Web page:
Maria Fiatarone Singh, M.D., professor of Medicine at Sydney University School of Medicine, is one of my most precious friends and an integral part of my belief system. I first met Maria during her early training in Boston in Bill Evans' lab. Her 1990 paper in JAMA, "Strength Training in Nonagenarians," is a centerpiece of my scholarly meanderings. Maria took frail 90-year-old residents of the Hebrew Rehab Center in Boston and measured the muscle strength in their legs. Predictably they were frail, but was the frailty the outcome of being 90 years old or was it because they were confined to inactivity? She then did a CAT scan on their legs. In the center was the femur, around the edges was the skin. Around the bone was this little crescent of tissue which was the muscle of 90-year-old residents of the nursing home.
Maria then set up a strengthening protocol, and lo and behold in a short period the CAT scan showed remarkable change. The femur and the skin were the same, but the little muscle crescent had become robust. The residents stood and walked instead of tumbling and falling. Their frailty was due to disuse, not to 90 years. This central finding has become paramount in most of my age presentations. The differentiation between aging and disuse was vivid. Maria had put a large exclamation point on this issue. She created the plank in the platform that demonstrated the essential value of exercise even in 90-year-olds. To me this is no longer a question without an answer.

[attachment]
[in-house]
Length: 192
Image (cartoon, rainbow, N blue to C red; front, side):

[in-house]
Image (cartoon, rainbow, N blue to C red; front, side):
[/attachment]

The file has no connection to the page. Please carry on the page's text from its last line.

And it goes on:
Old people, all people need to move. This issue was conclusively settled by Maria and others. We Must move!
Sometime in the '80s I gave the kickoff keynote address in Washington to the Robert Wood Johnson research protocol entitled Blueprint for Activity that was designed to further the science base of exercise in aging. I recall the focus of my talk. "Really we already know the essential value of exercise in old people, in all people. This has been targeted, and has been firmly, finally answered. It has a red ribbon on it. So if this truism is established there is no reason to continue doing studies showing this value. That's already been shown. What remains is the hard subsidiary question, 'How do you encourage every one to do it?'"
This is now the forefront of the issue that Maria is pursuing at her home in Australia. She is embarking on a large population-based study driving to the heart of the question, "How do you get people to move more?"
Her study is well-funded, but it is complex with many, many variables confronting it. Behavioral research is intrinsically untidy with confounding variables all over. The interface of any organism with its environment is vital, but is complex and uncertain.
So as Maria transited the San Francisco Bay on her way back to Down Under after speaking in Boston I wished her well in her new enterprise. When she finds out how to get our slothful, obese population to move we will all rejoice in a "WELL DONE" salute. Go for it, Maria.
Meanwhile I continue to run, slowly but certainly.
Exercise for the young is an option.
Exercise for the old is an imperative.